Thursday, April 13, 2017

K - Kochi -The Chinese fishing nets of Fort Kochi

Add caption
Been there done that 
Kochi – The Chinese fishing nets of Fort Kochi

Cheena Vala’ as they are called in the native Malayalam are found across the harbor towns in China.

Kochi once a trading port owes the import of Chinese fishing nets as a legacy of traders from the AD 1400 court of Kublai Khan, these enormous, spiderlike contraptions require at least four people to operate their counterweights at high tide.   


While such nets are used throughout coastal southern China and Indochina, in India they are found in Kochi , where they have become a tourist attraction. 

The Indian common name arises because they are unusual in India and different from usual fishing nets in India. With the advent of modern fishing techniques the Chinese fishing nets are not exactly profitable, but have been preserved as a tourist  attraction.   

They are fixed land installations, which are used for a very unusual and now outdated method of fishing. Operated from the shore, these nets are set up on bamboo and teak poles and held horizontally by huge mechanisms, which lower them into the sea. They look somewhat like hammocks and are counter-weighed by large stones tied to ropes.

The net is left into the water for a short time; say for four-five minutes, before it is raised back by tugging the ropes. The catch is usually modest, but it is not meant  for  a big trade. At the corner of the Chinese finishing nets are small street hawkers who could take  the fresh catch and cook up a lip smacking fired fish fritters that would get sold  in a Jiffy.

The Chinese fishing nets are also most photographed  attraction  while aboard  a local ferry especially around sunset.
Here is another one when the sky was overcast and the tides were high on the backwaters of the port of Kochi. 

The cool breezy humid air atop the ferry was refreshing to feel as the chinese fishing nets dwindled into oblivion while the local government operated ferry touched the island of Vypin.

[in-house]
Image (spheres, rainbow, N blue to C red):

Wednesday, April 12, 2017

J - Jew Town of Mattancherry

Been there ... Done that ...

Jew town of Mattancherry 

1170: When the traveler Benjamin of Tudela visited India, he reported that there were about a  thousand Jews in the south.
1686:   Moses Pereira de Paiva listed 465 Malabar Jews.
1781: The Dutch governor, A. Moens, recorded 422 families or about 2,000 persons. In
1948:  2,500 Jews were living on the Malabar Coast.
1953 : 2,400 emigrated to Israel, leaving behind only about 100 Paradesi Jews on the Malabar Coast.

Amongst all the must see tourist destinations in Cochin is the ‘Pardaesi’ Synagogue . Paradesi in native Malayalam means the Foreigner.  The Synagogue which is the main tourist destination is a small place of Jewish worship.

The bylanes that approach the Jewish synagogue are strewn with Antique shops selling tourist souvenirs  and real as well as fake Antique Trinkets, furniture and bric a brac from the era gone by .
They are all not necessarily genuine, but if you really have an eye for the antiques you can find them.  On the face of it they are exorbitantly priced, and a good deal of haggling is absolutely necessary unless you want the shop keeper  to laugh his way to the bank.

This is the Jew Town of Mattancherry which until 1953 was home to about 100 hews whose descendants had made this neighbourhood their home over the centuries.

Today hardly six of them remain.  The youngest Yael Halleguan is in her mid forties.  She is the care taker for the Synagogue which charges five rupees as the entry fees. The money goes in maintaining the synagogue. 

It is an ornately decorated synagogue.  Its tiled floors were imported from China in 1762, the handknit Oriental rug from the last emperor of Ethiopia and the cadle lamps from Belgium. 

Sadly though, there is no Rabbi to sand at the bimah, the Pulpit. The place itself is a small museum that is visited by travellers specially Jews from all over the world. Services are held only when there is a minyan - a group of 10 Jewish men needed to form a prayer service.  It is now only possible with the inclusion of Jewish male visitors.  So the beautiful Synagogue is usually empty, save for tourists who some to marvel its beauty.   

As you finish looking around the synagogue, you would inevitably visit the adjacent exhibition that has some artefacts that explain the history of the Jews in Malabar. During Portuguese persecution in the 16th Century, they were granted sanctuary by the Hindu Rajah of Cochin, Keshava Rama Varma. The present day Paradesi synagogue was built in 1568 on land granted by Varma, and the Jew Town neighbourhood built up around it.